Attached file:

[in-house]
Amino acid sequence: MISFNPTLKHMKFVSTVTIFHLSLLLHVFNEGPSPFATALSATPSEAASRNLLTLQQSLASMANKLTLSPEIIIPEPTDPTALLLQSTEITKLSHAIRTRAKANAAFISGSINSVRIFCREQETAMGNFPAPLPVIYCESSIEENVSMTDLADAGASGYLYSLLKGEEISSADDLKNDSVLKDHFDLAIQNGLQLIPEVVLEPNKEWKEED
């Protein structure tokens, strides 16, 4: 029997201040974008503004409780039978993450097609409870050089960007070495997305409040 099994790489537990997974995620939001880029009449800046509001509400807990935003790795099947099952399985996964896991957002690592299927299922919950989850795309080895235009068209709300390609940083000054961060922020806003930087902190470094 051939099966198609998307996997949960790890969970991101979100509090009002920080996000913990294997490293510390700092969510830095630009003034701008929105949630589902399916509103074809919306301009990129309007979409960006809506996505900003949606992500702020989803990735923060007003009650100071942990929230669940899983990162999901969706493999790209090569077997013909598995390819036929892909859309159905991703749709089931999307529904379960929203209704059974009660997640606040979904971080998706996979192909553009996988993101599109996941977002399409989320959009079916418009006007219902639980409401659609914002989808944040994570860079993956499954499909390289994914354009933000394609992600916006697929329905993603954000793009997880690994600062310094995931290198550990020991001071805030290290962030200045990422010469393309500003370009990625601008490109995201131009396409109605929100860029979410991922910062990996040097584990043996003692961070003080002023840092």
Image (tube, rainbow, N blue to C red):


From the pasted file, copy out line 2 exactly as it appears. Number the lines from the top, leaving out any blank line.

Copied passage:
Amino acid sequence: MISFNPTLKHMKFVSTVTIFHLSLLLHVFNEGPSPFATALSATPSEAASRNLLTLQQSLASMANKLTLSPEIIIPEPTDPTALLLQSTEITKLSHAIRTRAKANAAFISGSINSVRIFCREQETAMGNFPAPLPVIYCESSIEENVSMTDLADAGASGYLYSLLKGEEISSADDLKNDSVLKDHFDLAIQNGLQLIPEVVLEPNKEWKEED